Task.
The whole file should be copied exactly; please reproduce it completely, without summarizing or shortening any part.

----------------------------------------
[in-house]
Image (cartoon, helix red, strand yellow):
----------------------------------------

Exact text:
[in-house]
Image (cartoon, helix red, strand yellow):